World’s top waterfalls

Drew Limsky

There are all kinds of superlatives when it comes to waterfalls: tallest, widest, sheerest, biggest by flow rate. It’s easy to understand why huge spills of water are huge tourist attractions. There’s the unbridled power of nature. There’s the spectacle of seeing something that is at once wondrous and permanent (at least in our lifetimes), wholly unique and completely accidental.

And there’s the feeling of well being that negative ions — which occur around crashing waves and even the shower, but nowhere more than at the site of waterfalls — deliver. Here are some of the world’s most distinctive falls:

Angel Falls, Venezuela

At more than 3,200 feet, these are the highest uninterrupted falls in the world. The site is so remote that the modern world didn’t become aware of it until American aviator Jimmy Angel flew over it in 1933 (though the falls have been around for 130 million years). In addition to their height, these falls are unique because they spill over red-hued tabletop mountains. Campamento Tapuy Lodge is a thatched-roof hotel in Canaima National Park; guests can see the falls from the hotel’s beach.

Iguazu Falls, South America

These magnificent falls, which boast the second-highest water flow in the world, rage in national parks on the Brazil-Argentina border. Both parks are UNESCO World Heritage Sites, but Argentina contains 80 percent of the falls and gives the best bang for the buck (you’ll need a visa to enter Brazil). The edge of the falls curves mightily, offering visitors vastly different vistas and experiences. The Devil’s Throat, close to the park’s entrance, is a commanding cataract. But the lower trails are the most impressive, affording viewers opportunities to take photos of improbably distinct rainbows over the river as well as a curtain of water framed by palms. The superb bird and butterfly watching is a bonus. Stay at the newly renovated Iguazu Grand, with its vast, two-tiered swimming pool set in lush, mature gardens.

Akaka Falls, Big Island, Hawaii

Located just north of Hilo, Akaka Falls State Park is accessible and serene (as long as you race ahead of the tour-bus crowd dawdling in the parking lot). The falls are hardly the highest or biggest in the world, but composed of a single drop into a tropical oblong pool, they’re very elegant. Much more of a secret — few locals I’ve asked have even heard of it — is the Inn at Kulaniapia, a 10-room B&B located outside Hilo among 2,000 macadamia nut trees and a bamboo forest. The inn has its own waterfall, which is unprecedented in my experience. A 10-minute downhill walk leads you to a stunning, round natural pond fed by a thick torrent. Swimming is allowed during low to medium flow. The inn’s breakfasts are tasty and ample, too.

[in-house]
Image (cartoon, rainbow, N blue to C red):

Victoria Falls, Africa

Dividing Zambia and Zimbabwe, Victoria Falls is widely regarded as the largest “curtain” waterfall in the world. Its width alone is more than 5,600 feet (at 354 feet high). It’s popular with both locals and international tourists and has seen a fair amount of development. One unique feature is the Devil’s Pool, where intrepid visitors swim at their own risk; it sits right above a drop on the Zambian side. Zimbabwe’s Victoria Falls Hotel (a member of Leading Hotels of the World) is a century-old grande dame in an estate-like setting; it offers helicopter flights over the falls.

McWay Falls, Big Sur, California

While there are no distinct boundaries to this central California natural wonder, most people agree that it’s composed of roughly 90 miles of coast south of Carmel. And there’s no real “there” there, but in the best way (not the way Gertrude Stein meant it about Oakland): Highway 1 has thrilling twists and turns and passes over gorgeous bridges (like Bixby Bridge, 13 miles south of Carmel) that star in car commercials. But of several Big Sur spots that qualify as iconic, McWay Falls is among the most famous: it’s 80 feet high and pours onto a perfect, inaccessible (by land) sandy beach located in Julia Pfeiffer Burns State Park. Waterfalls that empty into the ocean are very rare, which is why this one appears on so many postcards.

Take the quarter-mile McWay hiking trail to get a direct view; the more daring will clamber up onto the rocky headland to admire this beauty. The nearby Hyatt Carmel Highlands, set above a spectacular coastal bend of Highway 1, is unforgettable for its streamlined rustic luxury. Enjoy its cozy rooms with fireplaces, its wow-factor Pacific Edge restaurant and its aptly named Sunset Lounge.

Niagara Falls, North America

Set dramatically on the US-Canada border, Niagara Falls offered the backdrop to both the Man of Steel (in “Superman II”) and Marilyn Monroe (in “Niagara”). It hardly needed such cinematic promotion, as the three falls (Horseshoe, Bridal Veil and American) that make up the site lend Niagara the top spot in the world in terms of flow rate. The Canadian side offers both an observation spire called the Skylon Tower and underground passages that lead to observation rooms behind the falling water. The Sheraton on the Falls affords nighttime views of the colorfully illuminated waterworks.

Icefields Parkway, Canada

Alberta, best know for views of the majestic Canadian Rockies and wildlife sightings (grizzlies, bighorn sheep), also offers a series of stunning waterfalls along the 144-mile Icefields Parkway. South of Jasper, the Athabasca Falls boast powerful water flow in a pristine setting. But for me, this drive was especially memorable for its numerous lacy waterfalls against sheer cliff faces, such as the Weeping Wall in Banff National Park, best observed in May. When I visited at that time of year, I enjoyed the long days (nearly 16 hours) at the Fairmont Jasper Park Lodge, with its laid-back log cabin atmosphere and stellar spa.